Release Date: December 13, 2011
For immediate release
Information received since the Federal Open Market Committee met in November suggests that the economy has been expanding moderately, notwithstanding some apparent slowing in global growth. While indicators point to some improvement in overall labor market conditions, the unemployment rate remains elevated. Household spending has continued to advance, but business fixed investment appears to be increasing less rapidly and the housing sector remains depressed. Inflation has moderated since earlier in the year, and longer-term inflation expectations have remained stable.
Really? You didn’t talk to Texas Instruments or listen to them (or Dupont for that matter) did you?
Consistent with its statutory mandate, the Committee seeks to foster maximum employment and price stability. The Committee continues to expect a moderate pace of economic growth over coming quarters and consequently anticipates that the unemployment rate will decline only gradually toward levels that the Committee judges to be consistent with its dual mandate. Strains in global financial markets continue to pose significant downside risks to the economic outlook. The Committee also anticipates that inflation will settle, over coming quarters, at levels at or below those consistent with the Committee’s dual mandate. However, the Committee will continue to pay close attention to the evolution of inflation and inflation expectations.
Oh really? You mean like this sort of “non-inflation”?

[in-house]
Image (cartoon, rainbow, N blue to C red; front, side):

If you’re not real sharp you might miss it — those are “cases” that are in fact 20 packs instead of 24.
To support a stronger economic recovery and to help ensure that inflation, over time, is at levels consistent with the dual mandate, the Committee decided today to continue its program to extend the average maturity of its holdings of securities as announced in September. The Committee is maintaining its existing policies of reinvesting principal payments from its holdings of agency debt and agency mortgage-backed securities in agency mortgage-backed securities and of rolling over maturing Treasury securities at auction. The Committee will regularly review the size and composition of its securities holdings and is prepared to adjust those holdings as appropriate.
The Committee also decided to keep the target range for the federal funds rate at 0 to 1/4 percent and currently anticipates that economic conditions–including low rates of resource utilization and a subdued outlook for inflation over the medium run–are likely to warrant exceptionally low levels for the federal funds rate at least through mid-2013.
The Committee will continue to assess the economic outlook in light of incoming information and is prepared to employ its tools to promote a stronger economic recovery in a context of price stability.
Voting for the FOMC monetary policy action were: Ben S. Bernanke, Chairman; William C. Dudley, Vice Chairman; Elizabeth A. Duke; Richard W. Fisher; Narayana Kocherlakota; Charles I. Plosser; Sarah Bloom Raskin; Daniel K. Tarullo; and Janet L. Yellen. Voting against the action was Charles L. Evans, who supported additional policy accommodation at this time.
And what would Evans have done?
The problem here is the lack of available collateral — that is, there’s too much debt and servicing it is sucking up too much production. This means that there’s not enough left once you pay the service to both cover the mandatory costs (which as the name implies are not optional) and form capital.
This is when the credit ponzi dies — when there is no longer economic surplus produced from more debt. Put another way, the marginal utility of more deficit spending no matter who’s running the deficit is now negative — the more borrow the worse the economy gets!
This is the inevitable outcome of two exponential functions that you do not allow to come back into balance. It is not complicated and it cannot be avoided — no matter what you do.